Supplier aid may be decided this week

Wednesday, March 18, 2009

Supplier aid may be decided this week

As situation worsens, Obama’s car team says it’s ready to make key announcements.

David Shepardson and Gordon Trowbridge / Detroit News Washington Bureau

WASHINGTON — The Obama administration’s auto team told key members of Congress on Tuesday it plans to make significant announcements on the future of the domestic automakers next week, and to their suppliers as early as this week.

Separately, General Motors Corp. and Chrysler LLC — still struggling to win critical concessions from debt-holders and the United Auto Workers — sought to make the case Tuesday that they’re worth saving, and are making progress toward meeting a critical March 31 deadline.

Steve Rattner and Ron Bloom, two top advisers to the Obama auto team, met privately with members of the Congressional Auto Caucus.Though lawmakers said the task force signaled quick action on the supplier issue, it also seems clear that not all endangered partsmakers will be saved.

Rep. Dale Kildee, D-Flint, described the situation as "triage," saying the task force was placing a priority on companies vital to keeping the industry operating.

GM Chairman and CEO Rick Wagoner warned that the situation for suppliers — who have sought at least $18.5 billion in emergency aid — is worsening.

"Hopefully, some help is on the way soon, because I think it’s getting pretty drastic for the suppliers," Wagoner said. .

U.S. Rep. Sander Levin, D-Royal Oak, said Obama’s auto task force leaders indicated "they will say something next week to all of the stakeholders."

"They hope to come forth with a framework and a preliminary assessment of viability, and it will include discussion of any additional resources and the path to viability," he said.

Bankruptcy looming

Chrysler Chairman and CEO Robert Nardelli warned that his company will have to file for bankruptcy if it doesn’t receive $5 billion in additional loans by the end of the month; GM’s Wagoner acknowledged that bankruptcy "could work" for his company, but said it isn’t a good option and carries "significant risks."

Nardelli said the company needs a decision quickly on its request for more money.

"Obviously, we have a responsibility to make sure that if the answer is no, which would be devastating, we have to have enough liquidity to make sure that if it is a bankruptcy, we have an orderly wind-down," Nardelli told CNBC.

"We can’t run the checkbook to zero."

Nardelli said Chrysler needs additional aid to its lending arm, Chrysler Financial. On Jan. 16, the Treasury Department agreed to loan Chrysler Financial LLC up to $1.5 billion — a move that has allowed it to boost lending.

The Obama auto team met with Fiat SpA officials Tuesday as they consider whether to approve a noncash deal to give the Italian automaker 35 percent of Chrysler.

GM, which has received $13.4 billion in government loans, has sought another $16.6 billion in aid — though it said last week it no longer needs $2 billion this month. Wagoner declined to say when GM will need more, or how much. But he said the company hasn’t backed off its overall request for additional funds.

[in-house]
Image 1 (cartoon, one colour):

Deadline closing in

Both companies must show by March 31 that they can be viable and have concessions in hand from unions and debt-holders required under the terms of $17.4 billion in government loans they received.

U.S. Sen. Debbie Stabenow, D-Lansing, said reluctance among debt-holders is hampering efforts.

"The bond-holders are going to have to come to the table in a more serious way," she said.

Under terms of the agreements with the government, the automakers are to cut their debt by two-thirds. They also must win competitive wage and benefit rates from the UAW and reduce by 50 percent cash payments to a trust fund that takes over responsibility for retiree health care in 2010.

Wagoner said GM needs a different deal with the UAW than the one reached between the union and Ford over a union-run retiree health care fund.

"It probably works for Ford. It does not work for us," Wagoner said, implying the Ford concessions weren’t enough for GM. "So we need to do something different, and we’re working with the UAW on how we might do that."

Wagoner said GM could restructure outside of actual bankruptcy.

"If we were to have to file for Chapter 11, there is no (debtor in possession) financing other than the U.S. government — and that would be a huge, potentially huge amount of financing required," he said.

Restructuring out of bankruptcy court, he said, "makes sense for everyone’s perspective."

"We have to show we can do that, though," Wagoner said.

"I think we can. I think it’s in everybody’s interest, including bond-holders and the (UAW retiree health care trust fund) and others, but it’s not done yet."

Wagoner said the company had studied a pre-packaged bankruptcy filing from which the company could emerge in 30 or 60 days.

"What I’ve learned is, it could work and it might not work. If it doesn’t, it could mean in the end a long period of bankruptcy, which I believe would result in the liquidation of the company," he said.

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